A chef was killed by a bite from the disembodied head of an Indonesian spitting cobra. He had decapitated it 20 minutes earlier in preparation of a local dish. They say not to bite the hand that feeds you, the hand that eats you is another thing apparently.
Jim Long, our Hollywood correspondent, has visited another unusual restaurant. This one was Hangman's Tree Cafe, "the rendezvous of those who enjoy lousy food." That isn't Jim's opinion. It says so on the menu which he sent us.
Many of the items on the menu carry special notations, to wit:
Top sirloin steak, $3.15. Not the usual "mule hide" but finest aged beef.
Chicken fry steak, $1.85. Oh, no, it ain't chicken; it's a beat up cow.
Lamb chops, $2.75. Mary lost it, we found it, you can have it.
Chef's salad, $1. Yeah, we know, every restaurant has a chef salad, but they ain't got our chef.
Caeser salad, 80 cents. The chef will hate you for ordering it, but go ahead and gamble.
On top of the wine list is this announcement: "Seasoning for the town's most tasteless food."
These additional notes are carried inside the menu:
"Don't be a glutton. Leave a little on the plate. Remember, all leftovers are used in our Sunday hash."
"Warning! Well done steaks at your own risk."
On the cover it says: "Lousy food. Warm beer and cocktails. Sneering service."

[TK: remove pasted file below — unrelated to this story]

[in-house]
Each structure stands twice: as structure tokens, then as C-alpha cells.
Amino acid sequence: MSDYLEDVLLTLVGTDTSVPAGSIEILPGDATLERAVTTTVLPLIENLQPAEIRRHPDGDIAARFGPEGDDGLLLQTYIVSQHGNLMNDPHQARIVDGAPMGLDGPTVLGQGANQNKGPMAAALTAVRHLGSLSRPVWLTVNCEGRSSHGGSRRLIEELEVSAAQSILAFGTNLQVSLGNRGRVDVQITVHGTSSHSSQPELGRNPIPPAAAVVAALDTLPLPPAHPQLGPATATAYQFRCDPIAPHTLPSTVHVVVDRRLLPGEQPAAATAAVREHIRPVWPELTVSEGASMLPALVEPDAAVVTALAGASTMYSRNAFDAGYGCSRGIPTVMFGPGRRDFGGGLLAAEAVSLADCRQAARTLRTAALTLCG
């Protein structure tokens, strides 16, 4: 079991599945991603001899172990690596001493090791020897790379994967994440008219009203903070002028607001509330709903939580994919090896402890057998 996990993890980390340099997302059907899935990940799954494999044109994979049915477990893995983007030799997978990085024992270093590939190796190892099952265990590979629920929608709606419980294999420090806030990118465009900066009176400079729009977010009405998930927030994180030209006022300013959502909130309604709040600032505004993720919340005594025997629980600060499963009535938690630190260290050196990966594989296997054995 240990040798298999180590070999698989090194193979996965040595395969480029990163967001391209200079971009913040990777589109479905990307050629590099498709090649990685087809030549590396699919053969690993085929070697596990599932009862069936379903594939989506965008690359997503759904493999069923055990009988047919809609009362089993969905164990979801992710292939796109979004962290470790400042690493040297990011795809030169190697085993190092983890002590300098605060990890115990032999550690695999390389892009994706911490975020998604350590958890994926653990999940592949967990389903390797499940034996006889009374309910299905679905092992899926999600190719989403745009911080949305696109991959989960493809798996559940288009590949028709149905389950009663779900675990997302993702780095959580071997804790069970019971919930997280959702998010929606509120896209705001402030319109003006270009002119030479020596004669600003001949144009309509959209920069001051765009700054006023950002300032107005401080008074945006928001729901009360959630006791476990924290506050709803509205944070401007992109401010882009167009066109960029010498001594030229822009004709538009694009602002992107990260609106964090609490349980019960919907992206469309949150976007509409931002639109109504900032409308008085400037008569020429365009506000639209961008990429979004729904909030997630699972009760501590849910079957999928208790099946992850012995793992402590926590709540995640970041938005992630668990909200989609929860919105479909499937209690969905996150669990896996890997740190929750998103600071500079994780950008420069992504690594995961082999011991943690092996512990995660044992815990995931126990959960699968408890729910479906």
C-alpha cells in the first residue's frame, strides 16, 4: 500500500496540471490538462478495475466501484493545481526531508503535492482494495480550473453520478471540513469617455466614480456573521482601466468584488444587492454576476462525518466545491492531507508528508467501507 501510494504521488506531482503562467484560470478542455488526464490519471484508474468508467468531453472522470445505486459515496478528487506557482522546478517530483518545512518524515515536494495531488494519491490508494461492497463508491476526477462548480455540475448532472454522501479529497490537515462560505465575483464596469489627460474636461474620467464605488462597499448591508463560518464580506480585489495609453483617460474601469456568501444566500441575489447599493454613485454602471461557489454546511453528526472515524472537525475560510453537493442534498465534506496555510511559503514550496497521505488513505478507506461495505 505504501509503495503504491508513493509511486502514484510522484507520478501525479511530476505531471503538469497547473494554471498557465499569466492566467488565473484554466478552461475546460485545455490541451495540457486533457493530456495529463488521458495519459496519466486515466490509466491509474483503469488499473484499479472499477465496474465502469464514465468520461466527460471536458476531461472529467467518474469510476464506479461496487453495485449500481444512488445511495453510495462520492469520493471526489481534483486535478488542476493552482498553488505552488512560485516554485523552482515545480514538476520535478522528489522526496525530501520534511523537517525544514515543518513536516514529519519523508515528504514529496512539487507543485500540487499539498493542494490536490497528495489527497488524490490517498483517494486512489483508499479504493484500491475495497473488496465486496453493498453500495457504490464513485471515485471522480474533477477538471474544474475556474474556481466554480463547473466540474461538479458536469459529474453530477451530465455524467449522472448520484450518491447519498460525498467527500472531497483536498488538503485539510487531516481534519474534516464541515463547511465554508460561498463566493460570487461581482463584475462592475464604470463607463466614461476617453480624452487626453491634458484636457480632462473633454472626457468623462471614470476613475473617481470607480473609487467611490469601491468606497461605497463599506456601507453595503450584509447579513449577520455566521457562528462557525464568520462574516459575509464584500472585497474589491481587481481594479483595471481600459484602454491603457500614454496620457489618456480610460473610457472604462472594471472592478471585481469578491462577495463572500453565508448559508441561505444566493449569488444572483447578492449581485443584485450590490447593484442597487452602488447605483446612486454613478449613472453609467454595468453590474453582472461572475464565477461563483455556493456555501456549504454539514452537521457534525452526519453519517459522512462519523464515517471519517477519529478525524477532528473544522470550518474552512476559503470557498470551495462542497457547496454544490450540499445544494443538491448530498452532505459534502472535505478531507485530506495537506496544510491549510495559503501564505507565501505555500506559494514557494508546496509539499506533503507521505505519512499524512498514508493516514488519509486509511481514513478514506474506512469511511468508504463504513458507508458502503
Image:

It's a really good place, Jim writes. But, it seems, everyone in California likes humor with their meals. They must have something to laugh at since the smog keeps the citizens rather gloomy.
London's Attendant Cafe, which opened last month, has a concept that it hopes will attract the curious. It's situated in a former public lavatory, and instead of trying to play that down, it's playing it up. So none of the old toilet fixtures have been removed. Instead, countertops were installed around them. Patrons can munch on "super gourmet sandwiches, salads, coffee and cakes" while perched in front of a urinal.
The challenge for the restaurant will be to overcome what psychologists call the law of contagion. "Once in contact, always in contact." That is, once an object is associated with something offensive, such as a urinal being associated with urine, it will always maintain that association in our minds, no matter how clean the urinal is. [nydailynews]
An historic building in the Boston Commons has been repurposed as an Earl of Sandwich sandwich shop. Normally that would not be of great interest, except for the previous use for the building. It was a public restroom in the past and has been padlocked closed and left in disrepair for years. So, is a kitchen in a former public restroom too much of a gross out?
The Globe and Mail has a review of The Feasting Room, a small Toronto restaurant whose motto is "eat the whole animal!" The chef picks a different animal each week and creates a six-course tasting menu from its parts... all its parts. Some of the dishes from pig week included: pig's skin served with a bowl of creamy apple sauce, sweet-pea soup with ribbons of crunchy-chewy pig's ears, pig's spleen layered over pork belly and sage leaves and rolled into a pinwheel, pig's trotter stuffed with pork shoulder, and for dessert pistachio and pig's blood Nanaimo bars.
Shown in the picture is a dish from chicken week: chickens feet with strawberry maple glaze.
I don't know the back story behind this, but Burger King does have some of the strangest commercials on television so I'll assume it is real. I don't know what I like more, the brainmeltingly weird plot or the amazing background music, but somehow this commercial is pure genius. Now if only there were a Burger King nearby...